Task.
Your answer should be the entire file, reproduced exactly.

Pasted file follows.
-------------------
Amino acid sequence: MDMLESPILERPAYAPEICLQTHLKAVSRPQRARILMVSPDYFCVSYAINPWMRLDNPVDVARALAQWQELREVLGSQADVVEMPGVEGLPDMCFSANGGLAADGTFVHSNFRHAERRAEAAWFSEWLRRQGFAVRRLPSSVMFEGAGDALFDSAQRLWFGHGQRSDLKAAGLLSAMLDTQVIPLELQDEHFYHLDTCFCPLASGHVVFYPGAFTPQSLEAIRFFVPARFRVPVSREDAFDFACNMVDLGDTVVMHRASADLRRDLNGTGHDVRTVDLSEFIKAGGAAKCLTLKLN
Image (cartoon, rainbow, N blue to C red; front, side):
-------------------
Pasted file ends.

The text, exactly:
Amino acid sequence: MDMLESPILERPAYAPEICLQTHLKAVSRPQRARILMVSPDYFCVSYAINPWMRLDNPVDVARALAQWQELREVLGSQADVVEMPGVEGLPDMCFSANGGLAADGTFVHSNFRHAERRAEAAWFSEWLRRQGFAVRRLPSSVMFEGAGDALFDSAQRLWFGHGQRSDLKAAGLLSAMLDTQVIPLELQDEHFYHLDTCFCPLASGHVVFYPGAFTPQSLEAIRFFVPARFRVPVSREDAFDFACNMVDLGDTVVMHRASADLRRDLNGTGHDVRTVDLSEFIKAGGAAKCLTLKLN
Image (cartoon, rainbow, N blue to C red; front, side):